That’s not to say that it’s wrong to feel for Vincent Van Gogh, or to love his work, or to shudder at his illness: what’s wrong with this hollow record is that it makes such a point of that feeling, and implicitly denies it to the unenlightened, to the “them”. (Presumably some of those “them” had seen the light, as Van Gogh had become probably the most loved artist of the previous 100 years). As a performance, “Vincent” is pretty, more than competent, limpid and overlong perhaps but effective enough that I’m marking it down for putting its ideas across well, because I think its ideas (as I see them) are bad.

“Vincent” is a convenient scapegoat for one of the great inescapable traps in pop discourse. Construction of a “them” to react against is an act of creativity itself, that sometimes seems to jumpstart other creativity, and sometimes seems to clog it up and weigh it down. But picking up a constructed-them and adopting it, without questioning, without self-questioning, is lazy, and that’s what McLean’s doing. Doubly infuriating that he’s fitting Van Gogh, a great fierce poet of the everyday who painted flowers and friends and his bedroom window views, into this wretched system.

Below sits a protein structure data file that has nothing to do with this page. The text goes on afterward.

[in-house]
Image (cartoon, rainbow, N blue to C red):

Of course I recognise McLeanish tendencies in myself – just look at (or don’t!) my “Why I Hate Indie Kids” essay, where there’s a whole history of identification and rejection and infatuation and compromise hidden behind the lame me-against-them stuff, though you might never know it. In “American Pie” you could hear McLean’s equivalent history, no matter how much Don tried to disguise it with wordgames and smugness. In “Vincent”, though, self-satisfaction beats art and beats life.




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  1. 31
    DV on 29 Mar 2007 #

    OMG, “Masquerade”! I though me and my sister were the only people in the world who knew about this! Thanks for supplying the key details required to find out more about it on the Interweb.

  2. 32
    Tom on 29 Mar 2007 #

    Vicar if you listen to the Lollards Of Pop Week 3 you will find a lengthy bit on Masquerade by me! I nicked it all off Wikipedia mind you so you might as well look there.

    It sold a grillion copies so I can’t imagine it’s been forgotten!

  3. 33
    Alan on 29 Mar 2007 #

    i still have my copy

  4. 34
    Marcello Carlin on 30 Mar 2007 #

    Apropos “Pie” and blacks, Hendrix is routinely assumed to be one of the “three” he admired the most.